Anti-drugs protesters took to the streets of Ballymena to draw attention to ‘epidemic’ gripping town following a number of deaths

Anti-drugs protestors took to the streets of Ballymena on Wednesday night. Picture: North East News.

Anti-drugs protesters held a street demonstration in Ballymena on Wednesday night to highlight an “epidemic” gripping the town following a number of deaths.

At least twenty people gathered at Queen Street in the Harryville area.

There were no reports of any incidents although at one stage anger spilled over and verbal abuse was briefly shouted in the direction of a property.

The group called ‘People Against Drugs’ had previously applied to the Parades Commission for their protest in which they stood in a single file in the middle of the road.


Janine Graham, whose sister died recently, took part in the anti-drugs protest in Ballymena. Picture: North East News

 

A sister of a young woman whose tragic death at the age of 26 has been linked to drugs was part of the protest group and said something had to be done against an “epidemic” in the town.

Janine Graham (36), originally from Ballymena but now living in Belfast, said her sister Sarah Smylie died in July “with drugs”.

She added: “We have to wait on the Coroner’s report but the police came to my mum and said that on Sarah’s clothes and on her hands was “powder like Diazepam, blue in colour.”

Anti-drugs street protest in Ballymena on Wednesday night

The scene at an anti-drugs protest in Ballymena on Wednesday night. Video by North East News. For full story see: https://ballymenadaily.com/local-news/anti-drugs-protesters-took-to-the-streets-of-ballymena-tonight-to-draw-attention-to-epidemic-gripping-town-following-a-number-of-deaths/

Posted by Ballymena Daily on Wednesday, August 21, 2019

Janine said: “Sarah was an addict. She had severe mental health problems and severe health problems. She went to the Mental Health Team five weeks before she died and they told her to go to ‘Addictions’ so she went to ‘Addictions’ and they sent a letter out eight weeks after she applied to it.

“It is so slow.

“So many young people are dying because they have mental health problems and use drugs to cover them up.

The protesters passed this graffiti.

 

“It is an ongoing problem in Ballymena but it has got really really bad in the last few weeks. My sister died and her friend died eight days after her and then there was another young fella died about five or six days after that.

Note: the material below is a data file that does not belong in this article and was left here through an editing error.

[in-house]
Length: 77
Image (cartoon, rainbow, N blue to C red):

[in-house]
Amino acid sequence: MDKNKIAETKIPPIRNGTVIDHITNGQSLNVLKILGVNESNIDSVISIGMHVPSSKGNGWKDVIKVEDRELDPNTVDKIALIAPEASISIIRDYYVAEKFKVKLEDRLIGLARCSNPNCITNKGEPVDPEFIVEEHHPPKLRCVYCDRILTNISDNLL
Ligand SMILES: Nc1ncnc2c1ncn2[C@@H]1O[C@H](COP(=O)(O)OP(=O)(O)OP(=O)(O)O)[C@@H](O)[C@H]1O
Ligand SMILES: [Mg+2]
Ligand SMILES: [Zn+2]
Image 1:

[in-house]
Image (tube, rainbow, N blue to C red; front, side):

Deceased: Sarah Smylie was just 26.

 

“It is an epidemic, some drugs called ‘Blues’ (MSJs). They are a type of Diazepam but they are not prescription drugs, they are made on the street and that is why they are killing so many people.

“We need to put a stop to these drug dealers and more or less for everybody to come together and say ‘Right no more, you are not killing our loved ones, you are not killing our families no more’. It is not on.

A family picture of Sarah Smylie

 

“The police can’t do it. The police have tried, the police have been great in the last few weeks to my family and I’m sure with other families too but it is still not working.”

She said other protests are planned to highlight the issue.

Anti-drugs protesters on the streets of Ballymena

The scene at an anti-drugs protest in Ballymena on Wednesday night. Video by North East News. For full story see: https://ballymenadaily.com/local-news/anti-drugs-protesters-took-to-the-streets-of-ballymena-tonight-to-draw-attention-to-epidemic-gripping-town-following-a-number-of-deaths/

Posted by Ballymena Daily on Wednesday, August 21, 2019

Protesters gathered around 7pm on Wednesday at the entrance to the Lettercreeve estate – close to where Sarah Smylie had lived in Drumtara – and walked down Antrim Road towards Queen Street.

At one point they passed large graffiti which appeared on a wall in recent weeks which read: ‘S.E.A UDA against tablets’ which is believed to be a reference to ‘South East Antrim UDA’

Janine Graham taking part in the protest. Picture: North East News.

 

Speaking before protesters left from Lettercreeve, Ballymena Independent councillor Rodney Quigley said: “Something has to be done about the drugs issue in Ballymena”.

He added: “People need to start taking the drugs issue seriously, it’s an epidemic”.

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